Class Notes (839,572)
Canada (511,407)
Psychology (7,818)
PSYC31H3 (68)
Lecture 3

Lecture 3.docx

5 Pages
127 Views

Department
Psychology
Course Code
PSYC31H3
Professor
Zachariah Campbell

This preview shows pages 1 and half of page 2. Sign up to view the full 5 pages of the document.
Description
Lecture 3 – Jan 21 Neuropathology: CNS Tumours Abnormal growth of tissue within the brain/spinal cord Benign (less serious, non-cancerous, slow growing, singular. Space occupying, separate from nervous system) vs. Malignant (cancerous, more likely to reoccur, more aggressive. Infiltrates normal tissue) Primary (involves glial cells) vs. Secondary (tissue somewhere else that is impacting the CNS) Grades of severity • 1 (least severe, easier to treat) through 4 (this is the most severe) Brain Tumors: Gliomas Etiology: Glial cells Subtypes • Astrocytomas • Oligodendrogliomas • Mixed Glioblastoma • Fast growing Malignant astrocytomas Meningiomas: cancerous growth of the meninges Brain Tumors: Metastatic Metastatic (origin of growth is from another part of the bodyintracranial neoplasm Features • Expedited growth rate (relative) • Multiple sites are typical • Symptoms include headaches, seizures, and cognitive/behavioural sequallae Metabolic and Endocrine Disorders Diabetes Mellitus – Type 1 • Pancreatic dysfunction o Need injections of insulin • Glucose levels dysregulated • Expected symptoms? o The brain requires glucose to fuel it o Lethargy o Poor attention, learning, memory – global cognitive deficit Hypothyroidism – does not release enough thyroxin (needed to regulate metabolism) • Symptoms: cognitive impairment and fatigue • Delirium and hallucinations are not uncommon Liver disease • Multiple etiologies o Chronic alcoholism o Viral infections – Hepatitis B&C • Impairment varies with level of associated toxicity • Treatment approach: preventative Uremia: kidney failure • Treatment approach: symptomatic – dialysis • Symptoms are general in nature but include apathy, lethargy, and cognitive impairment Seizure Disorders Etiology: multiple origins Epilepsy • Chronic neurological form of SD • Episodic symptoms: affect behaviour/perception • Abnormal discharge of neurons o Depends on where it takes place o Each time that it happens, it’s more likely to happen again • Generalized (don’t know where affected fulci is located, quite a bit of the brain is affected) vs. Partial (we know where it is affected) • Symptomatic (we know where the seizure originated) vs. Idiopathic (we don’t know where the seizu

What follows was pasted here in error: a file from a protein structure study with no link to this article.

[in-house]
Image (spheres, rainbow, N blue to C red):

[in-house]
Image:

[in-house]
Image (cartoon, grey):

More Less
Unlock Document

Only pages 1 and half of page 2 are available for preview. Some parts have been intentionally blurred.

Unlock Document
You're Reading a Preview

Unlock to view full version

Unlock Document

Log In


OR

Join OneClass

Access over 10 million pages of study
documents for 1.3 million courses.

Sign up

Join to view


OR

By registering, I agree to the Terms and Privacy Policies
Already have an account?
Just a few more details

So we can recommend you notes for your school.

Reset Password

Please enter below the email address you registered with and we will send you a link to reset your password.

Add your courses

Get notes from the top students in your class.


Submit